Notes from An Alien

~ Explorations In Reading, Writing, and Publishing ~

Book Shelf-Life ~ Physical & Digital


Last July, I wrote:

Book Shelf-Life

Image Courtesy of Julia Freeman-Woolpert ~ http://www.freeimages.com/profile/juliaf

“Do you think readers care if a book is traditionally published, as long as they like it?

“Do you think authors who want to write for a living care about the ‘prestige’ of landing a traditional deal?

“Do you think writers are more important to our civilization than large corporate publishers?

“It’s questions like these that cause otherwise mature adults to display some incredibly childish logic in the media….

“Yes, I’m a self-published author and it would take a small flock of miracles for me to accept a traditional deal.

“Why?”

I then linked to an article that fairly well proved my point; but, today I want to share another reason.

Even if I could have secured a legacy deal for my last book, I doubt it would have stayed on any bookstore shelf for very long.

I don’t say this from some sense of unworthiness—I say it from years of observation of the traditional book market…

On The Kill Zone, Eileen GoudgeNew York Times bestselling author, said:

“The cold, hard truth is this: If the sales figures for your last title weren’t impressive enough to get booksellers to order your next title in sufficient quantities to make an impact, you’re basically screwed. It doesn’t matter if your previous titles sold a combined six million copies worldwide. You’re only as good as your last sell-through.”

My short novel, on quite a few digital bookshelves, will remain available whether it sells well or not…

That same Kill Zone article has author Lisa Samson saying:

“I was recently offered a contract that was insufficient for me to support my family. A real step down from the previous one…It wasn’t personal, I realize, but it was severely disappointing to have worked faithfully for two decades only to have your work go down in value to that point. I wish money didn’t matter…But traditional publishing is a business and I’m no good for the bottom line no matter how much I’m personally loved…”

Mark Coker, CEO of Smashwords, in the wonderful little (free) book, The Secrets to Ebook Publishing Success, has this to say (bolding by me…):

“Most traditionally published books fail to sell through quickly, with or without the benefit of big marketing campaigns. Few publishers ever sustain the book with ongoing proactive marketing effort. They throw all their resources into the launch, then abandon the book to its fate.

“The first printing becomes the last printing, and stores ship their unsold inventory back to the publisher within weeks of the book hitting store shelves.

“Many of these so-called flops are actually high-quality books that simply needed more time to build readership. It’s a shame authors might spend years or a lifetime writing their book and searching for an agent and publisher only to have the book forced out of print and abandoned within weeks of publication.”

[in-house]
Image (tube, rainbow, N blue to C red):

Question…

Do those three quotes sound like sufficient reasons to not try for a legacy deal and stick with self-publishing?
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2 responses to “Book Shelf-Life ~ Physical & Digital

  1. Nicole November 11, 2014 at 4:43 pm

    answer? sure. I think.

    I’ve been told that (even with traditional publishers) starting out, it’s common to have to do your own promotion, and I’ve also been told that you always have to promote yourself, even when you’re successful or well-known.

    As far as my brain can spin, the main plus to being signed is, you have a team of people to help with the cover design, editing, and access to get your book out on the shelves? <— which, as we know, you can get through self-publishing as well.

    Usually,(with traditional publishing) you don't make much off sales until you sell a few thousand or something? Please forgive me if I'm wrong, I'm just scraping together scraps from things I've read so maybe I'm asking more so than stating. ;)

    Seems to me any way you choose to publish, a common consistency is, hard work and self promotion?

    I'll let you know if I ever find out for sure from experience. haha

    *hugs* & happy Tuesday, Alex.

    Liked by 1 person

    • Alexander M Zoltai November 11, 2014 at 5:31 pm

      Well, Nicole, as far as needing to self-promote, whether legacy or self-published, I’ve seen it stated in numerous articles and had it confirmed from a number of traditionally published folks…

      As far as the team that helps with traditionally published books, all that help can be obtained from freelancers…

      I’m not sure how many books must be sold to keep them on the shelves…

      However, enough books must be sold to cover the advance before you make a dime…

      I would add only one thing to your “…any way you choose to publish, a common consistency is, hard work and self promotion…”. I would add a health dose of luck—Laboring Under Correct Knowledge :-)

      Like

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